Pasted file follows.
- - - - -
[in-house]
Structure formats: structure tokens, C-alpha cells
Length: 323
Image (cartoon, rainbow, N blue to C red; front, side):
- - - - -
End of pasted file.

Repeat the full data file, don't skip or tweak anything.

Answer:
[in-house]
Structure formats: structure tokens, C-alpha cells
Length: 323
Image (cartoon, rainbow, N blue to C red; front, side):